On the Roadshow with Che


The revolutionary Ernesto "Che" Guevara is back on the road once more. He returns not on a motorcycle or a small yacht, but on the silver screen. Che, played by Benicio del Toro, opened in late December for a special Oscar-qualifying run in New York and Los Angeles. Director Steven Soderbergh’s two-part film, "The Argentine" and "The Guerrilla," is largely historically faithful to Che at his most revolutionary and alive. Though the film is well over four hours long and entirely in Spanish, the general intrigue of the chief protagonist is enough to command the audience’s attention.

Part one is the story of Che’s first venture into guerrilla warfare in a fight to the death against the island’s dictator, Flugencio Batista. Focused on the struggle in the mountainside, "The Argentine" is told with accompanying black and white scenes from Che’s December 11, 1964 address to the United Nations, along with interviews and flashbacks of his conversations in Mexico with a young, arrogant exiled Cuban lawyer Fidel Castro. Though the focus of part one is disciplined in its attentiveness to Che, the film introduces the audience to all the principle players in the watershed revolution—Raul Castro, Vilma Espin, Celia Sanchez, and Aleida March (Che’s future wife), and masterful portraits of Fidel Castro (Demian Bichir) and Camilo Cienfuegos (Santiago Cabrera). Del Toro, who bears a striking resemblance to Che, won Best Actor in Cannes for a role he said he’d never imagined taking on.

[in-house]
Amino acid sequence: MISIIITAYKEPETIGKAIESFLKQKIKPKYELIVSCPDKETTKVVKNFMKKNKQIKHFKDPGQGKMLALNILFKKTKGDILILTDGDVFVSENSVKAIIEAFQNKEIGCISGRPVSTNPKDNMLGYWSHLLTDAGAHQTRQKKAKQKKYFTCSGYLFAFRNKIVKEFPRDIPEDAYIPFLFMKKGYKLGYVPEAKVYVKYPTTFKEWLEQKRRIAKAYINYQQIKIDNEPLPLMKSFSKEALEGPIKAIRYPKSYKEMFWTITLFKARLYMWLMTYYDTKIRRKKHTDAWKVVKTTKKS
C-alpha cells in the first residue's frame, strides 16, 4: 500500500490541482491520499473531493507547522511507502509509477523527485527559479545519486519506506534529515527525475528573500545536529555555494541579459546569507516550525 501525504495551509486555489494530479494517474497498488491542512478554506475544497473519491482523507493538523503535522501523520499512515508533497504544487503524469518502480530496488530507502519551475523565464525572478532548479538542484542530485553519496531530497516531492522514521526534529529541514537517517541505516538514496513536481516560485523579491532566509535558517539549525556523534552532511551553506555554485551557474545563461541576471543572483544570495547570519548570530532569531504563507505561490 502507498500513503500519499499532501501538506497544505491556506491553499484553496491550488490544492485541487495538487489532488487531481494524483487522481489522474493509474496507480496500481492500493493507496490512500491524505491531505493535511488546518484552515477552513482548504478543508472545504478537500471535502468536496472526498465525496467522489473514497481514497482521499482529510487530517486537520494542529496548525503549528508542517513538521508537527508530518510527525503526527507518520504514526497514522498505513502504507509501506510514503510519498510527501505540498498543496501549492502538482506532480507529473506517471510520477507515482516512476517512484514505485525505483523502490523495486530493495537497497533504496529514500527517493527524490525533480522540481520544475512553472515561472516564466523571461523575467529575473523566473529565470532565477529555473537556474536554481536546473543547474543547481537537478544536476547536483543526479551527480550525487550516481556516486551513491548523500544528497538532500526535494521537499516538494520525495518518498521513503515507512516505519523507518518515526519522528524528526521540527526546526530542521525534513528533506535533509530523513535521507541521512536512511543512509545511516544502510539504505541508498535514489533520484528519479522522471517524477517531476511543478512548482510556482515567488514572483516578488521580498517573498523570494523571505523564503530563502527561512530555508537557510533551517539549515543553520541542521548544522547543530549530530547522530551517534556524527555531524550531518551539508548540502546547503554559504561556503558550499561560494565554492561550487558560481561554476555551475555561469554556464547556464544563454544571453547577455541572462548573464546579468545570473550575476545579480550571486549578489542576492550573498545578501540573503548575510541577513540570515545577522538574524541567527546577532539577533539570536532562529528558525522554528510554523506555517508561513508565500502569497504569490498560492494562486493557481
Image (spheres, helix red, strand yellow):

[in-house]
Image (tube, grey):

With such a portrayal in mind, "The Argentine," is perhaps the most unromantic rendering of one the most romanticized figures in the history of the world. The story of Che as a guerrilla fighter is lionized for the decision to leave the comforts of civilian life behind to fight for one’s ideals. In part one we see the daily ins and outs of guerrilla warfare. We see the Argentine-born revolutionary engaged in skirmishes, giving medical treatment to peasants, teaching them mathematics, harshly disciplining his subordinates as a comandante, and suffering from crippling asthma. The pace quickens as Che’s most definitive victory is retold when his column helps derail a train with military supplies for Batista’s men in Santa Clara on December 29, 1958. With that blow, the revolution is essentially won, and part one comes to a close—oddly, without the scenes of jubilation in the streets of Havana.